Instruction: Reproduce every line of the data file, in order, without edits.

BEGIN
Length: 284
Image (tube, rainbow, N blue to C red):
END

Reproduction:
Length: 284
Image (tube, rainbow, N blue to C red):